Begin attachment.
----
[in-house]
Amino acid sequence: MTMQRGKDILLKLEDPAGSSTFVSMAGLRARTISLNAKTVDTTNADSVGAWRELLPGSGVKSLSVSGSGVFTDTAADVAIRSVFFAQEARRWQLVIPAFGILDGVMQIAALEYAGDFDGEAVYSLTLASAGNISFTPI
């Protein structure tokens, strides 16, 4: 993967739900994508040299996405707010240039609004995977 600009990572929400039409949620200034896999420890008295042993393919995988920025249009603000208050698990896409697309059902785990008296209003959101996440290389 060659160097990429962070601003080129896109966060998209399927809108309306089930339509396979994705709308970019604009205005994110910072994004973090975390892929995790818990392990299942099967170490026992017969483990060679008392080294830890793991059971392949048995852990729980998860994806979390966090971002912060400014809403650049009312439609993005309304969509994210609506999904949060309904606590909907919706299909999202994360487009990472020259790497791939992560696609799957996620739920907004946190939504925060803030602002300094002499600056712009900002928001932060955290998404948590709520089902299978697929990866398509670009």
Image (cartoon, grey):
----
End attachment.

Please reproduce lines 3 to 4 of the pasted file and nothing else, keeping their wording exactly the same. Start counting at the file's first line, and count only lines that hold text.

């Protein structure tokens, strides 16, 4: 993967739900994508040299996405707010240039609004995977 600009990572929400039409949620200034896999420890008295042993393919995988920025249009603000208050698990896409697309059902785990008296209003959101996440290389 060659160097990429962070601003080129896109966060998209399927809108309306089930339509396979994705709308970019604009205005994110910072994004973090975390892929995790818990392990299942099967170490026992017969483990060679008392080294830890793991059971392949048995852990729980998860994806979390966090971002912060400014809403650049009312439609993005309304969509994210609506999904949060309904606590909907919706299909999202994360487009990472020259790497791939992560696609799957996620739920907004946190939504925060803030602002300094002499600056712009900002928001932060955290998404948590709520089902299978697929990866398509670009």
Image (cartoon, grey):